First Mr. Sowell today, on the "costs" of healthcare:
There is a fundamental difference between reducing costs and simply shifting costs around, like a pea in a shell game at a carnival. Costs are not reduced simply because you pay less at a doctor's office and more in taxes-- or more in insurance premiums, or more in higher prices for other goods and services that you buy, because the government has put the costs on businesses that pass those costs on to you.
Joust The Facts, October 29, "Creating Scarcity In Medicine The Easy Way":
As a provider, out there trying to keep my own practice alive, pay my employees appropriately and have their own pay keep up with inflation (at a minimum), deal with rising supply costs, rising bureaucracy costs, rising health care costs, and rising overhead, Medicare and Medicaid don't cut it. Doctors drop Medicare because they can't pay the bills on Medicare patients, and Medicaid pays significantly less. Scarecrow looks at the governmental macroeconomics of health care reform rather than the effects on medical practices, seeing the forest but missing the trees. And I think that is what a lot of legislators in Washington are doing, and they're missing the individual trees. This isn't just a game where if you shift dollars around from pocket to pocket they multiply miraculously.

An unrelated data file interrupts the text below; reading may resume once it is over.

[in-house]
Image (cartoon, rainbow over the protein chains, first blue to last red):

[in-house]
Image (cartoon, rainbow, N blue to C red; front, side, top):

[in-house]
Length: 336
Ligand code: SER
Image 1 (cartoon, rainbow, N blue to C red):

Mr. Sowell, on physicians in the future:
If doctors' incomes were cut in half, that would not lower the cost of producing doctors through years of expensive training in medical schools and hospitals, nor the overhead costs of running doctors' offices.
What it would do is reduce the number of very able people who are willing to take on the high costs of a medical education when the return on that investment is greatly reduced and the aggravations of dealing with government bureaucrats are added to the burdens of the work.
Joust The Facts, op. cit.:
It's difficult enough to become a doctor, what with an extra four years of school, an extra 3 to 6 years of residency and then fellowship training, and then face the gradual buildup of a practice as your community slowly becomes comfortable with you as the go-to person when they find themselves in need. If the payoff after all that effort is that you'll annually be at risk of bankruptcy based on which way the country's breezes are blowing, then fewer and fewer bright, motivated individuals will make the effort - and delay their gratification - to get there.
It's good to hear others join my voice in making a chorus.